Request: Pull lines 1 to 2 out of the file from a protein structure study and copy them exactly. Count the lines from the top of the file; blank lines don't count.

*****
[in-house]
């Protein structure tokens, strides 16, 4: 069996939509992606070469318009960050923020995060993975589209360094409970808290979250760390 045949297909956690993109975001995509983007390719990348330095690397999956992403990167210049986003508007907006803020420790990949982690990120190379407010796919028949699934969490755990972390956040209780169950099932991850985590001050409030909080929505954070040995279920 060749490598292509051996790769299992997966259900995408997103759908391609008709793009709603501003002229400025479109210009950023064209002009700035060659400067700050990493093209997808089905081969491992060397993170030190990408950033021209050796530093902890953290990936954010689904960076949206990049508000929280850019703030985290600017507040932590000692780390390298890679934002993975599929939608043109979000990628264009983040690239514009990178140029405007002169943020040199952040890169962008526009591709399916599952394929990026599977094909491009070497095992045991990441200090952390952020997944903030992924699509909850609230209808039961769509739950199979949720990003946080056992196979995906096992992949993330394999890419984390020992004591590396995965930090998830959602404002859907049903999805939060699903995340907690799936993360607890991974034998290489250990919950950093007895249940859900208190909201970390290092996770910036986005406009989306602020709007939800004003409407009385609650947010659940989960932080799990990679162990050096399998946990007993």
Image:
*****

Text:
[in-house]
């Protein structure tokens, strides 16, 4: 069996939509992606070469318009960050923020995060993975589209360094409970808290979250760390 045949297909956690993109975001995509983007390719990348330095690397999956992403990167210049986003508007907006803020420790990949982690990120190379407010796919028949699934969490755990972390956040209780169950099932991850985590001050409030909080929505954070040995279920 060749490598292509051996790769299992997966259900995408997103759908391609008709793009709603501003002229400025479109210009950023064209002009700035060659400067700050990493093209997808089905081969491992060397993170030190990408950033021209050796530093902890953290990936954010689904960076949206990049508000929280850019703030985290600017507040932590000692780390390298890679934002993975599929939608043109979000990628264009983040690239514009990178140029405007002169943020040199952040890169962008526009591709399916599952394929990026599977094909491009070497095992045991990441200090952390952020997944903030992924699509909850609230209808039961769509739950199979949720990003946080056992196979995906096992992949993330394999890419984390020992004591590396995965930090998830959602404002859907049903999805939060699903995340907690799936993360607890991974034998290489250990919950950093007895249940859900208190909201970390290092996770910036986005406009989306602020709007939800004003409407009385609650947010659940989960932080799990990679162990050096399998946990007993």